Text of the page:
Vamale/Mwaeke is a South Oceanic, North New Caledonian language spoken in the South Pacific territory of New Caledonia (de facto French). Its speakers were scattered due to colonial oppression (1917), and are now geographically removed from their linguistic cousins by a mountain range. It is highly endangered (ca. 100 speakers, many elderly) and undescribed except for fragments. Its contact with Cèmuhî, Pije, and French may have had an impact on parts of its morphosyntax and phonology, more than on other languages of the Voh-Koné cluster.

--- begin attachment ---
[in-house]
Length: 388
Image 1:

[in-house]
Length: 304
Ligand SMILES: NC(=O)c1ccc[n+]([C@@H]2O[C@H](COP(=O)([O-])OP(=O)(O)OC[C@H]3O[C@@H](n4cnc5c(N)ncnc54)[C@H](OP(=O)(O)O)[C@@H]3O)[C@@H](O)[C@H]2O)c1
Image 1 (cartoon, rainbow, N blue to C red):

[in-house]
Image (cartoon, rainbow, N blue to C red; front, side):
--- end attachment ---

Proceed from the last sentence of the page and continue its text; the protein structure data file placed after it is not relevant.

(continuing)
This PhD project aims to describe the language alongside with sociolinguistic and diachronic factors. Using high-end cameras, microphones and other recording equipment, I will try to document a representative part of the language, transcribe and translate it, and analyse it for itself as well as in its sociolinguistic context. The project hopes to shed more light not only on Vamale itself, but also on the impact of colonisation on languages and the inner structure of the North New Caledonian language family.
The collected data will be organised in a publicly accessible archive as a corpus and text collection (text and audio), and in thematic dictionaries.
I have applied for an IGS grant with the Endangered Languages Documentation Programme and hope to go to the field for the second time in the summer of 2017.